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Province doesn't have any answers on issue of West Bench horses


Posted: Tuesday, September 30, 2014 9:00 am

The provincial government has lent a sympathetic ear, but no immediate answers, to the roaming horse problem on the West Bench and other areas next to the Penticton Indian Reserve.
Regional District of Okanagan-Similkameen directors met with John Rustad, Minister of Aboriginal Relations and Reconciliation at the Union of B.C. Municipalities convention last week.
Michael Brydon, RDOS director for West Bench-Okanagan Lake West, said Monday that Rustad stated he knows about the issue and directed ministry staff to help co-ordinate resources to develop a response.
The Penticton Indian Band and RDOS earlier this year completed a study into the root cause of the free-ranging horse problem. In addition to overgrazing and the impact on nearby residential properties, there are traffic safety concerns as the horses roam over unfenced areas.
An aerial survey in late March counted 558 horses at several locations across the reserve from Marron Valley north to Summerland. With an estimated growth rate of about 20 per cent per year, the number was predicted to increase to more than 600 by this fall.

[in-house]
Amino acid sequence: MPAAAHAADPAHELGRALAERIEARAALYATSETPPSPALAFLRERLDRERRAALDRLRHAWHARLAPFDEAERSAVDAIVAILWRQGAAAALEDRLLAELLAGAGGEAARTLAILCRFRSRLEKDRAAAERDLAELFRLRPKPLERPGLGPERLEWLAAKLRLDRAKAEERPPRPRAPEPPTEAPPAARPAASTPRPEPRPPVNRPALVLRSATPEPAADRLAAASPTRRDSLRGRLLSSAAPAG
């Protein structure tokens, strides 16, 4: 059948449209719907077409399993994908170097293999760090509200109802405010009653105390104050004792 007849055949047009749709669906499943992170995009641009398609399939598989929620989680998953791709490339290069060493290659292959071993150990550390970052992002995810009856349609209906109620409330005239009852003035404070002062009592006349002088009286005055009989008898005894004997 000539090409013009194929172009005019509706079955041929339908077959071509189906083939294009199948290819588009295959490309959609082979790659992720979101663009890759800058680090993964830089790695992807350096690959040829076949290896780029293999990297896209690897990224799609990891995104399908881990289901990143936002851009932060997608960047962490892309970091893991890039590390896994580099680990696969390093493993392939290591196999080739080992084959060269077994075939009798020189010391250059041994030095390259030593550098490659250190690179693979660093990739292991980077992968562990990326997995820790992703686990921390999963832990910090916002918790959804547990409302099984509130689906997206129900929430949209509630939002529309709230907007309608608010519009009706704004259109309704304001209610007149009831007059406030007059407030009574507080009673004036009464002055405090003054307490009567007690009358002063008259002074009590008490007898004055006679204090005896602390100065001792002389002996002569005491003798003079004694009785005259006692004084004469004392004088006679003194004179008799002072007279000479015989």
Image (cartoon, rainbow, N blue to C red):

Brydon said the RDOS is looking for provincial help in addressing a problem which is just getting worse.
“The number of horses is increasing very quickly and we’re looking to them for some help,” he said.
The regional district requested Rustad’s assistance in co-ordinating the many government jurisdictions involved in the issue and to provide funding for a long-range horse management plan.
Brydon noted the province is working closely with the Penticton Indian Band on its new Skaha Hills development, which could also be impacted by free-ranging horses.
The West Bench director hopes the government might consider a long-range management plan as a pilot project for other areas in the province.
“There’s some very complicated issues here. There’s culture issues, economic issues, jurisdictional issues,
legislative issues. This is why it’s such a hard problem.” he said.
“We’re sort of painted into a box by provincial legislation on one hand and, I guess, the Constitution of Canada on the other hand.”
Still, Brydon said he’s somewhat optimistic about the province’s willingness to become involved, noting Rustad is very familiar with such horse problems in his own Nechako Lakes riding west of Prince George.


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